By Noel Brinkerhoff & Danny Biederman
March 22, 2013
News organizations have lost a significant share of their audience due to budget cuts that have impacted the quality and quantity of reporting.
A new poll from the Pew Research Center found that 31% of respondents said they had stopped using a particular news outlet because it was no longer providing the same kind of news and information as in the past.
Pew researchers said that those most likely to stop using news sources were better educated, wealthier and older than those who still used them—“in other words, they are people who tend to be most prone to consume and pay for news,” Pew’s The State of the News Media 2013 read.
Losses of subscribers and ad revenues have negatively impacted many news organizations in recent years, forcing layoffs and reduced coverage. Most of the people to whom Pew researchers talked were either largely or entirely unaware of this situation, the survey revealed.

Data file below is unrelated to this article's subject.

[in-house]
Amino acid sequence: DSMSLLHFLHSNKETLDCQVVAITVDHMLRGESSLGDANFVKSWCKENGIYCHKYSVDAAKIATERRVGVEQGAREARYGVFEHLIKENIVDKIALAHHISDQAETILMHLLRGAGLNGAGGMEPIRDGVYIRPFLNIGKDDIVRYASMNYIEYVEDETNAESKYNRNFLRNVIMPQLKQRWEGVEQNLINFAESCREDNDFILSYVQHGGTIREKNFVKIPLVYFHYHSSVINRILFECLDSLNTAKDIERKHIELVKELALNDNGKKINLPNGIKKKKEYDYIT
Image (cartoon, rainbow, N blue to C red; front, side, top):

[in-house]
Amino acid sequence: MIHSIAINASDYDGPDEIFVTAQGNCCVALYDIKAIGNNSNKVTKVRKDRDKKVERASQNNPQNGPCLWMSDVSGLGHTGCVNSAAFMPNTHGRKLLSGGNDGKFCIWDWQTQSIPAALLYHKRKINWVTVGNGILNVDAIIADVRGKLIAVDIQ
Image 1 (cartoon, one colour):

There is, however, a glimmer of hope for the embattled newspaper industry, which has been under financial duress since the onset of the recession in 2007 and growing competition from online news services. The Pew study reports that a trend of stabilizing revenue is evidenced by news organizations’ use of social media to support advertisers, digital pay plans, increased investor interest, and across-the-board advertising growth attributed to a modestly improving economy.
The Pew authors concede, however, that these positive signs “are, for the time being, mostly promise rather than performance,” and that the overall prognosis still appears grim.
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